By TreeLiving

We’ve been through the Stone, Bronze and Iron Ages and now we might just be in the paper age. Instead of the paperless office that people dreamed of when computers came in, the technology has meant that at home and work, there’s paper everywhere. With computer paper cheap to buy, it’s easy to take it for granted and forget how many trees go into it. Even though it’s a renewable resource, conserving paper and recycling it is the eco-friendly way to go.

To start with, you can cut down on your paper use by thinking before you press print. Do you really need a hard copy? If it’s only going to take up part of a page, can you wait and print out related documents on the same page? Or use A5 paper for small size printouts? By being printer prudent you’ll save money on pricey printer ink too.

For documents you absolutely have to print, there are lots of ways to make your paper go further. Use a smaller font. Don’t use double spacing. If you need more white space on a text-heavy page, choose one and a half spacing. Change the margin settings for your document. Over time these small changes add up. The biggest saver of all will be printing both sides of the page. You may want to buy a slightly thicker paper for this but you’ll still save close to half with this option.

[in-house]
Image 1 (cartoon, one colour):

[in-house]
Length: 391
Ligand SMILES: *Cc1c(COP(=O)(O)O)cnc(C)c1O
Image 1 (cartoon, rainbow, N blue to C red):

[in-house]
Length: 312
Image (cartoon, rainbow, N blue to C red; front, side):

The other top strategy for using paper efficiently is to recycle it. There are lots of ways to do this. Use scrap paper with white space or blank reverse for notes, telephone messages and the like.  Pieces of paper always come useful, and you don’t have to buy special note pads. To make your own, cut it to desired size and keep it together with a suitable clip.

Shredded paper is useful stuff too. For small quantities a manual shredder (not electric) is ideal. You can use the shreds for packing delicate items that you need to mail. You can also put it in the compost heap. In fact, you don’t even need to shred it, though it will decompose faster. Scrunched up paper is useful in the compost bin because it provides air spaces, and the organisms that make your compost need that oxygen to work efficiently.

Shredded paper can also be used as bedding for small animals like rabbits and hamsters. Reusing old paper is a lot cheaper than straw or wood shavings. You may want to use it as a base layer and mix it half and half with other bedding materials. The whole lot can also go into the compost eventually. If you don’t do composting, keep your paper separate so that it can go for pulping, instead of to the landfill. They’re overflowing, but if we use paper more efficiently we can all help to make a difference.  

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